Just as today’s photographers are living the dreams of yesterday’s photographers, I feel like we at Lawrence are living the dreams of our predecessors, too. Our namesake, Charles Lawrence, who opened the first Kodak franchise west of the Mississippi 85 years before our descendant store opened here in Springfield, would be proud.

In our fast-moving, increasingly digital, increasingly interconnected world, I can’t help but wonder what the next 40 years will bring for photography. If Annie Leibovitz is to be trusted, it’s all of you—and not your equipment—that are going to be the biggest force now:

“What is going to happen now is that we are the sensitive matter. You, the photographer, are the sensitive matter. What makes an impression on you is what will been seen. In this day and age of things moving so, so fast, we still long for things to stop, and we as a society love the still image.”

—Annie Leibovitz, Cannes Lions International Festival of Creativity, June 2013

Fireworks Photography 101: Snapping the Light Fantastic

July 4th is a spectacular day for photographers. You want to capture photographs of the American Spirit and that includes the fireworks at the end of the day. Time’s wasting, you haven’t had luck in the past, and you don’t need a biblical length tutorial, so let’s get down to brass tacks:

  • Use a zoom lens. If you don’t have one, use a wide-angle lens.
  • Use a tripod. If you don’t have one, position your camera on something still and flat.
  • Use a remote shutter-release device. If you don’t have one, use the self-timer.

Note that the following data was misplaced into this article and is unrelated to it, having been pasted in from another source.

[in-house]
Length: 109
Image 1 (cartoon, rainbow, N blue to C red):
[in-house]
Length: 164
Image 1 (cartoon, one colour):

• Use ‘bulb’ mode. If you don’t have one, manually set your camera’s shutter to stay open longer, for a few seconds (from just before the firework erupts to just after).
  • Don’t leave your shutter open too long—just a few seconds is usually fine.*
  • ISO 100 is usually ideal.
  • Apertures between f/1 to f/16 generally work best.
  • Try to position yourself away from bright streetlights and other ambient lighting.
  • Train your camera on the spot you want before the firework goes off. Anticipate the shot.
  • Don’t use a flash. Period.
  • Go wide. Remember you can crop into firework using photo-editing software later.
  • Try to include some landscape in the frame, for scale and visual interest.
  • Shoot upwind so that smoke moves away from you and doesn’t cause hazy photos.
  • The earlier in the show that you take your shots, the less haze they’re likely to have.
  • Watch to the show! Don’t miss it for the sake of photographing it.
Lawrence Photo Fireworks Photography

Photograph by Steven Wilson

There you have it, the basics that should get you those firework shots you’ve been longing to master. When you’ve taken some, share them with us. We love to see your work!

*If you want to photograph multiple bursts and need more than those few seconds, some people suggest putting a piece of black paper or foam in front of the lens between bursts.